America's constitutional structure is built on checks and balances. The idea behind these checks and balances is simple: We want interest counteracting interest, ego counteracting ego. We don't want any one person to gain too much power — or any one faction or any one way of thought.
Gridlock, for lack of a better word, is good.
President Barack Obama, however, has a different idea. He believes that America must be fundamentally transformed. That fundamental transformation cannot be effectuated without a fundamental transformation of the system of American government.
The most important part of that transformation is the elevation of the presidency from a coequal branch of government to a pre-eminent branch of government. The president shouldn't be seen as just a player in the larger government struggle for power and policymaking; he should be seen as a larger-than-life figure, an almost godlike personage, the sort of fellow who can enact policy single-handedly.
No wonder, then, that President Obama declared war on the Supreme Court this week.
Now, there's a case to be made that the Supreme Court should not have the power of judicial review. That case is basic: If the Supreme Court can strike down anything at any time in the name of the Constitution, that power elevates it above the other branches. The checks and balances break down. The argument against judicial review is an argument in favor of checks and balances, not against them.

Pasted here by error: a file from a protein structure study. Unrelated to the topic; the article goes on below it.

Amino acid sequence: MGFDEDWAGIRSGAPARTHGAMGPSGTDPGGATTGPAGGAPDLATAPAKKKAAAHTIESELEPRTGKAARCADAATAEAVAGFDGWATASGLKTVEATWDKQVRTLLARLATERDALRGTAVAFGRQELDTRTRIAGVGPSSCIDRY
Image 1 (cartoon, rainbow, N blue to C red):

But that's not the argument Obama made. Instead, he argued that the Supreme Court should not strike down Obamacare, because that would be "unprecedented" and "extraordinary." What's so new about the Supreme Court's doing what it's been doing since 1803? Nothing, exactly, except that it would cut against Obama. In other words, judicial review is only bad when it rules against Obama.
The same holds true of Congress. Congress is great when it does what Obama wants. When it doesn't, Obama wants the power to simply ignore it. He has repeatedly stated on various issues, "If Congress won't act, I will." He's used his executive branch powers to appoint dozens of czars with Cabinet-level power but without Cabinet positions so that he doesn't have to have them approved by Congress. He's appointed officers in violation of the Constitution, wrongly maintaining that he has the right to do so.
In essence, Obama detests the checks and balances. He doesn't like gridlock. It stops him from implementing his vision.
Though Obama's power grab is unprecedented, his philosophy is not. It has roots in the progressivism of the early 20th century, when Woodrow Wilson ripped the Constitution as an archaic document that prevented him from crafting social change. He said the president should be a visionary rather than a mere vessel of the people. The president, he said, has to lead.
The "great leader" model of the presidency is extraordinarily dangerous. President Obama proves it each and every day; it's what gives him the power to tell our enemies that he'll have more "flexibility" after his "last election." He's our leader; we're his followers. It's that easy to him.
Fortunately, the Constitution doesn't allow for such egotism acted out in policy. The Constitution requires checks and balances. It requires that we battle out each and every policy change, that we compromise, deadlock and stall. Getting things done is not so important as getting the right things done. And nobody has a monopoly on what the "right thing" is — no person and certainly no one branch of government.
Ben Shapiro, 28, is a graduate of UCLA and Harvard Law School and editor-at-large for the Breitbart websites. He is the four-time best-selling author of "Primetime Propaganda." To find out more about Ben Shapiro and read features by other Creators Syndicate writers and cartoonists, visit the Creators Syndicate website at www.creators.com.